Our results were robust to a wide range of plausible estimates of the effectiveness of combination pharmacotherapy, the impact of each intervention on medication adherence, and the cost of each intervention. At a conventional cost-effectiveness threshold of $100,000 per QALY gained, mailed education would be preferred over usual care as long as the effectiveness of combination pharmacotherapy was at least 18 percent of that assumed by our base-case estimates (i.e., that combination pharmacotherapy reduced the risk of reinfarction, stroke, and CHF by at least 11, 9, and 6 percent, respectively). If the relative increase in adherence from mailed education was at least 1.2 percent, mailed education would be cost saving compared with usual care. Under our base-case assumption about the relative increase in adherence from mailed education, mailed education would be preferred as long as the cost of mailed education was below $70 per year. Under the assumption that the relative increase in adherence from mailed education was 3 percent (i.e., our worst-case assumption), disease management would be preferred regardless of the cost of mailed education (Figure 2). If the relative increase in adherence from disease management was above 18 percent, disease management would be preferred over mailed education. Under our base-case assumption about the relative increase in adherence from disease management, disease management would be preferred if the cost of disease management was below $295 per year. Even under the assumption that the relative increase in adherence from disease management was 25 percent (i.e., our best-case assumption), disease management would not be preferred if the cost of disease management was above $536 per year (Figure 2). Mailed education plus disease management would be preferred if the effectiveness of disease management for patients who did not respond to mailed education was greater than 71 percent of that of disease management for all medication takers.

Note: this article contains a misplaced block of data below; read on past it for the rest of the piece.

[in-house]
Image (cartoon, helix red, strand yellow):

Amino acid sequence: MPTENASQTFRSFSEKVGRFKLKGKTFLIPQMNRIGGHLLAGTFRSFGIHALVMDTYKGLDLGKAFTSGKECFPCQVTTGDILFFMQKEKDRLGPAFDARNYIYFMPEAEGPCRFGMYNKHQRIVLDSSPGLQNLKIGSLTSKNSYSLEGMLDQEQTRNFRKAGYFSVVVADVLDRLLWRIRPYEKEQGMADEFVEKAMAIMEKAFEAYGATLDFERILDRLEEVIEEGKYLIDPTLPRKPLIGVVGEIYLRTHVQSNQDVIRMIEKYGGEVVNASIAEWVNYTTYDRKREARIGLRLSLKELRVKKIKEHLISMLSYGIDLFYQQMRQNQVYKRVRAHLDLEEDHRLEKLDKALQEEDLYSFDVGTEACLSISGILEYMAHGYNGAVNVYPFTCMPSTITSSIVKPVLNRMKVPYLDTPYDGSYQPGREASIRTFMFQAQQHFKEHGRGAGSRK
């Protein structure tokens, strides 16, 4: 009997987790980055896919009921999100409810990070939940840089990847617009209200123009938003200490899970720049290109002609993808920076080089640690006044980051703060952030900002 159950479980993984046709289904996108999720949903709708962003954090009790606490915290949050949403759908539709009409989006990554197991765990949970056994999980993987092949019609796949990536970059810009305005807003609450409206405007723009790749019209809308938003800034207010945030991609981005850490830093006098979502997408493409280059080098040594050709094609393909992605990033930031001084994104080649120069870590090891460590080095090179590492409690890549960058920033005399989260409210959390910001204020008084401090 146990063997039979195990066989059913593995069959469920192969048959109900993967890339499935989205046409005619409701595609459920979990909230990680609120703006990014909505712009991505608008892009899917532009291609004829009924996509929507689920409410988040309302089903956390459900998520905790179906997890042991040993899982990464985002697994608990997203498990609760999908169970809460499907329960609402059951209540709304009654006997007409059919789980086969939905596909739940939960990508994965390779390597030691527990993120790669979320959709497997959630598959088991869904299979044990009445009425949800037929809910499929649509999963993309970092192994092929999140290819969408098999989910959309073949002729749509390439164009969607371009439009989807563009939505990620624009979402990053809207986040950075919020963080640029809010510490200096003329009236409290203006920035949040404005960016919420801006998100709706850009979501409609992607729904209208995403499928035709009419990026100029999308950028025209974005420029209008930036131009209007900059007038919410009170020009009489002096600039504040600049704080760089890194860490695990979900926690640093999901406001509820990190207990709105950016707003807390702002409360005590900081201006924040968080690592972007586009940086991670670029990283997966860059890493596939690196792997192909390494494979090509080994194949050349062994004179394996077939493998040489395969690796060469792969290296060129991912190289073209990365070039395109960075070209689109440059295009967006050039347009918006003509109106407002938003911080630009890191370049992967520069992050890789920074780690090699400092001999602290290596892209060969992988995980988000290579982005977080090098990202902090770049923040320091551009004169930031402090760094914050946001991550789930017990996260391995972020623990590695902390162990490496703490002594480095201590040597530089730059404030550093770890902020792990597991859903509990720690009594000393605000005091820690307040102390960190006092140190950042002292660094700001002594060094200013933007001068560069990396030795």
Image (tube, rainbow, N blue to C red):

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Under the base-case assumption about the relative increase in adherence from polypill use, polypill use plus mailed education would be preferred over mailed education if the monthly cost of the polypill decreased to $163, and become potentially cost saving if its monthly cost decreased to $100 or less. However, even under the assumption that the relative increase in adherence from polypill use was 60 percent (i.e., our best-case assumption), polypill use plus mailed education would not be preferred if the polypill had a submultiplicative effect of less than 91 percent effectiveness compared with those of its components administered separately (Figure 3). The rank order of strategies did not change and the ICER for each strategy remained relatively stable across a wide range of assumptions evaluated in other sensitivity analyses (Appendix Table 2).